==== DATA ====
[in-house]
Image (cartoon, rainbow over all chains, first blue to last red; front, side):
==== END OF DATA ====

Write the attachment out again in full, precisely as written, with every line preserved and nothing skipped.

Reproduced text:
[in-house]
Image (cartoon, rainbow over all chains, first blue to last red; front, side):